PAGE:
Drawing on emotions about faulty research will intensify justificatory incivility because public justification and justificatory civility require claims to knowledge based on sound science in favour of legislation. In other contexts, policymakers can use scientific evidence selectively, citing research that is sound but incomplete. 

When Trump quoted low rates of contagion and mortality among children in July to defend his support for reopening schools, he ignored crucial facts about community spread, especially among the elderly, who are much more susceptible to the virus. 

We've often seen lawmakers misrepresent or misapply sound science findings throughout some cases. 

When Trump learned that COVID-19 kills quicker in the presence of sunlight and humidity, and that bleach or isopropyl alcohol would destroy it in minutes, he speculated that the virus might be cured by exposing patients to UV light or injecting disinfectant into their bodies. 

Scientists, on the other hand, immediately rejected his ideas. Although Trump's assertions were based on solid science facts in theory, he made a severe epistemic mistake by assuming that the efficacy of sunlight and disinfectants at destroying COVID-19 outside the human body mean that these "treatments" would be successful inside the human body as well, and by ignoring the serious damage that these "treatments" could cause the body in the process. 

Aside from the faulty or selective application of factual data, another impediment to science's commitment to justificatory civility is its politicization. 

When science's results are strategically troublesome, policymakers often make blatant attempts to discredit it. Under pressure from different business sectors, Trump declined to follow the Centers for Disease Control and Prevention's (CDCP) -page draught guideline for reopening the US, stating that he prefers pre-COVID-19 opening regulations to the CDCP's more conservative guidelines. Beyond the decisions of individual politicians, the politicization of science will have a broader impact on society. Individuals' perceptions and responses to experimental findings about COVID-19 may be influenced and distorted by partisan divisions. 

For example, in the United States, people's attitudes about factual findings about COVID-19 have been highly divided along political lines, with strong gaps in opinions about simple information about the pandemic. Most individuals, according to some commentators, are trapped in "alternative worlds."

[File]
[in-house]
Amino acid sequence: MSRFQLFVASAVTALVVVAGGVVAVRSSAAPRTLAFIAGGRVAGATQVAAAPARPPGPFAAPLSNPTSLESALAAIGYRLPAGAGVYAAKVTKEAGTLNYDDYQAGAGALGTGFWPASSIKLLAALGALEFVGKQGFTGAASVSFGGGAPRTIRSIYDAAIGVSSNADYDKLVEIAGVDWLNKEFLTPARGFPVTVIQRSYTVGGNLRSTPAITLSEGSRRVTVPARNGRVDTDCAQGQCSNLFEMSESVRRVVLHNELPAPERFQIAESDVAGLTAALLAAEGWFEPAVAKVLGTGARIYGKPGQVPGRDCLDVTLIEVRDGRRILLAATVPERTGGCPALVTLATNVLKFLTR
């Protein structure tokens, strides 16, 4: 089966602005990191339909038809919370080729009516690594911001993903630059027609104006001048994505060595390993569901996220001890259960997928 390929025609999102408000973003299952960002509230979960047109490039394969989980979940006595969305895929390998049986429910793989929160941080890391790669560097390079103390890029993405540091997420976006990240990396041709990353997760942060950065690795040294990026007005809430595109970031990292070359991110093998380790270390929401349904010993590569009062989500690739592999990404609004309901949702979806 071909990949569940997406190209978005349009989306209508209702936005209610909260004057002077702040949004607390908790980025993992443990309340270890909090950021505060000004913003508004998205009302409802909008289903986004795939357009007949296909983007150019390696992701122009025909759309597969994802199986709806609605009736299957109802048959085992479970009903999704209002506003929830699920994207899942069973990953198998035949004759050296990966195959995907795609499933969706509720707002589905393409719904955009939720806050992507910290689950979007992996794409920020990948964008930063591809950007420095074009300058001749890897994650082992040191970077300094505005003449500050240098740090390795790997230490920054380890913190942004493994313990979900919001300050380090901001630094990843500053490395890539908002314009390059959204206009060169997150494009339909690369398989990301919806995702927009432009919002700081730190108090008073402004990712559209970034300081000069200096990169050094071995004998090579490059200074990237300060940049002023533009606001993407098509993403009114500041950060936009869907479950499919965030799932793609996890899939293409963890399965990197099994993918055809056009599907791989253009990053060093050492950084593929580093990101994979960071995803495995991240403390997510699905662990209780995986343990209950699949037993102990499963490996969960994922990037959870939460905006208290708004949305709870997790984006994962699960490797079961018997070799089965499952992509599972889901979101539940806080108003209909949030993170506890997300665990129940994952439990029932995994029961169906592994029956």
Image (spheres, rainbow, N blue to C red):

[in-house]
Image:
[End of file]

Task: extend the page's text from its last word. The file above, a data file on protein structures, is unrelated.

There is also proof that Republican supporters in the United States are more critical of scientific evidence relating to COVID-19 than Democrat supporters. Science's politicization may have far-reaching consequences. 

For example, collective bodies that otherwise refrain from endorsing particular politicians may see the scientific affront as a reason to take political positions. For example, in, the popular science journal Scientific American openly supported a presidential nominee for the first time in its -year history, claiming that ‘Donald Trump has seriously harmed the United States and its people—because he denies facts and science.' 

This kind of reaction could widen the chasm between certain policymakers and the science community, weakening the latter's acceptance of scientific facts. Finally, the presence and dissemination of conspiracy theories, such as the belief that "the COVID-19 pandemic is part of a scheme devised by global insiders — such as Bill Gates — to carry out vaccinations with monitoring chips that will later be triggered by G, the technologies used by cellular networks," will threaten science's commitment to justifiable civility. 

What should be said to fix these issues? 

We will need to use ethical mechanisms in addition to teaching people about scientific evidence knowledge and appraisal. We've already seen how these mechanisms can aid politicians in navigating challenging ethical dilemmas, particularly when balancing competing political ideals, rights, and liberties. They can, however, provide guidance on how to perform and communicate clinical experiments during a pandemic.

You may also want to read more analysis about the COVID-19 Pandemic here.